Tel Aviv was designed as a suburban alternative
to Jaffa. It was established in 1909, and by 1921,
had its own city council. In 1934, it became an
The 1920’s and 1930’s saw uprisings by the
Arabs of Jaffa and more and more Jews left it, to
the adjacent, developing Tel Aviv. From 1921 to
1925, (which was a banner year for building) Tel
Aviv expanded from 2,000 to 34,000 residents.
This was to be a distinctly different place
from the crowded commercial center of Jaffa, a
place without a manufacturing center, with a
European flair. The first buildings were planned
as single-family homes and the new residents of
Achuzat Bait (the name of the new quarter) wanted
to create a planned neighborhood, like those in
their European homelands. In 1910, the quarter’s
name was changed to Tel Aviv.
However, Tel Aviv was built without an overall
plan. It developed according to the needs of the
day, which were ever-changing. As more land was
purchased, one by one, neighborhoods sprang up.
In 1925, Meir Dizengoff asked Sir Patrick
Geddes, a Scottish urban planner, to submit a
master plan for Tel Aviv. Geddes’ plan called for
the city to be a European Garden City. To this
day, as you walk through the city’s smaller
streets (as well as some of the major streets) you
will encounter greenery around you.
Geddes’ plan, which outlined the development of
the northern part of Tel Aviv (since the southern
part had already been built-up), was approved in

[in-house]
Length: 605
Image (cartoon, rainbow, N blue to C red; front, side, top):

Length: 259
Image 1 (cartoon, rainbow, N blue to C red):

1929 and influenced the shape of the city, for
years to come. However, its implementation never
fully materialized – due to a variety of
constraints and the growing needs of the time.
Later, other plans were implemented.
In 1909, Tel Aviv had just a mere 300 residents
and 60 buildings. By the time the British Mandate
was at its height, the city had grown enormously
and it was home to 150,00 people and 8,000
Many of the architects who went abroad to
study, came back in the 1930’s, when there were
roughly 200 active architects working locally. As
Bauhaus architecture developed its own local
style, the building surge provided much needed
work for many of the newcomers.
While the city’s beginnings are distinctly
separate from that of Jaffa, today Tel Aviv-Jaffa
is one municipality and although the city evolved
as a patchwork of neighborhoods, some of the basic
elements outlined in Geddes’ plan are still
clearly visible (see Finding Your Way around Tel